Depending on a client’s situation, contributions made to an IRA in 2020 may be wholly or partially tax deductible on a 2019 tax return. This is an opportunity for clients to reduce their tax liability after the close of the tax year.
Target tax return due date. The deadline for making an IRA contribution for the 2019 tax year is April 15, 2020. In other words, as long as you make the contribution by the due date for filing your return, you can possibly reduce the tax owed for 2019. But there’s a catch: An extension to file your return doesn’t provide an extension to make your IRA contribution. Therefore, if you obtain a filing extension to October 15, 2020, you still have to make your contribution by April 15.
Keep contributing in your 70s. Under prior law, you could not make contributions to a traditional IRA once you attained the age of 70½, even if you were still working. But the new “Setting Every Community Up for Retirement Enhancement” (SECURE) Act removes this age restriction, beginning on January 1, 2020. Older IRA participants can take advantage of this new law change, but you’re still required to have earned income. For 2019 returns, the annual limit on IRA contributions if you’re older than 50 in the lesser of your earned income or $7,000.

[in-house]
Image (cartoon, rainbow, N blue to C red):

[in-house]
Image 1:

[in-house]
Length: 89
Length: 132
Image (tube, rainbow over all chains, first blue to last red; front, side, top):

Use refund for IRA contribution. If you’re short on the cash needed for an IRA contribution this year, you can file your tax return early and use the refund to fund the contribution. In effect, it’s like Uncle Sam is giving you interest-free use of the money. Does this sound too good to be true? It’s not. The IRS officially approved this technique in a taxpayer-friendly ruling many years ago. (IRS Revenue Ruling 84-18) All you have to do is ensure that the amount you’re deducting is deposited with the financial institution by the April 15th deadline.